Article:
The Supreme Court boosted the federal government's crackdown on obscenity Monday as it let stand the forced closing of three adult bookstores and nine video rental shops in Virginia.

The court, over one dissenting vote, rejected arguments by the businesses' owners, who were convicted of racketeering and selling obscene materials, that the subsequent seizures of the businesses violated their free-speech rights.Justice Byron R. White voted to hear arguments in the case, but four votes are needed to grant such review.

In other decisions Monday:

-The court, which has twice ruled that burning the American flag is protected political speech, set aside a Minnesota man's flag-burning conviction. The justices told a federal appeals court to restudy a free-speech challenge to the man's federal conviction for burning the flag.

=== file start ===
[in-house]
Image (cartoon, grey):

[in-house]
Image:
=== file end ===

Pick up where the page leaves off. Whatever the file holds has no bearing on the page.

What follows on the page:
-Ruled against a former Air Force sergeant convicted of aggravated assault because he engaged in homosexual conduct while knowingly infected with an AIDS-related virus. The justices let stand the man's conviction, dishonorable military discharge and six-year prison sentence.

-Refused to revive a copyright lawsuit over an unauthorized biography of L. Ron Hubbard, founder of the Scientology religion. The justices, without comment, let stand a decision throwing out allegations of copyright infringement against the book's publisher.

-Refused to help states ban deceptive advertising by airlines.